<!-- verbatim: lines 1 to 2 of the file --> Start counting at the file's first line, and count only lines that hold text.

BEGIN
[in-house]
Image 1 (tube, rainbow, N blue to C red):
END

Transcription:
[in-house]
Image 1 (tube, rainbow, N blue to C red):